Stag’s Leap Wine Cellars
Front row (left to right): Lab Technicians Lupe Ochoa, Betty Roldan and Angel Cervantes. Back row (left to right): Assistant Winemaker Jim Duane and Enologist Mark Lucci
The pHunction of Science in Winemaking
The definition of enology is the scientific study and making of wine; however, in most California wineries, an enologist is not synonymous with a winemaker. Winemaking duties can range from overseeing vineyards to cellar operations to blending and bottling. An enologist is always focused on the wine itself, analyzing and evaluating it at every stage of development to ensure its soundness and quality before leaving the winery. “Our job is often described as keeping the wine healthy,” says Stag’s Leap Wine Cellars Enologist Mark Lucci. “In another industry, we might be considered the quality control department.”
At Stag’s Leap Wine Cellars the enologist’s job starts before the grapes arrive at the winery and lasts until the final drop goes into the bottle. Early in the season the enologist and lab technicians generate baseline numbers on each vineyard block, measuring cluster and berry weight, sugar, acid, and pH levels of the grapes. These measurements give the winemakers objective data that help determine when the grapes will be ready for harvest. Along with qualitative data such as how the grapes taste, this objective analysis is crucial in determining the right time to harvest.
One of the busiest times is during harvest. After the grapes arrive from the vineyard, the enology team focuses on fermentation - yeast converting grape sugar to alcohol. The juice is analyzed to make sure the yeast has the nutrients it needs to perform the conversion. To track the daily progress of the fermentation, the team uses a hand held electronic density meter which measures the decreasing sugar level, letting them know when fermentation is finalized.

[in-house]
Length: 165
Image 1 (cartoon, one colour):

“With multiple fermentations occurring simultaneously,” says Mark, “the density meter is a critical tool for gathering daily measurements to make sure the fermentations are consistently progressing in line with the strict standards of Winemaker Nicki Pruss.” After fermentations are complete the wine is moved to either tanks or barrels to age. The aging wine is tested monthly which means at any given time the lab is analyzing dozens of wines across multiple vintages. The analyses performed help verify there are no unwanted microscopic organisms that can cause wine spoilage. The lab also measures for sulfites, which can protect wine from microbial growth and the damaging effects of oxygen. Additionally, they monitor for optimal levels of temperature and humidity, allowing the wine to age properly.
Subsequent to aging in barrels, the blended wines are ready to be bottled. Using enological instruments to measure pH, acidity, and alcohol, the lab analyzes the wine one last time to verify it has the physical composition intended by the winemaker. As a final step from vineyard to bottle, Mark works with Bottling Supervisor Jan Phillips to confirm that the bottles are filling to the correct height, and that the oxygen levels in the bottles are low, which gives the wines their aging ability. Throughout the year and until a wine is bottled, the enologist and lab technicians provide invaluable scientific data to the viticulture and winemaking teams. These quantitative reports help to ensure the Stag’s Leap Wine Cellars wine you are enjoying today blends the best of both worlds – art and science.
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